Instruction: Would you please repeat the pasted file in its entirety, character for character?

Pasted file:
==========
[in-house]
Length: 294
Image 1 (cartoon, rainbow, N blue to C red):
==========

[in-house]
Length: 294
Image 1 (cartoon, rainbow, N blue to C red):